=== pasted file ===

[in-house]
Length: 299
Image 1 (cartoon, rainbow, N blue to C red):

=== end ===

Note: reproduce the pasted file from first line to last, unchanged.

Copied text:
[in-house]
Length: 299
Image 1 (cartoon, rainbow, N blue to C red):